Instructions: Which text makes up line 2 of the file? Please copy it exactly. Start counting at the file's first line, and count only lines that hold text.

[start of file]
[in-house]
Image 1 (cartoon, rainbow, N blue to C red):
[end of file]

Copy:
Image 1 (cartoon, rainbow, N blue to C red):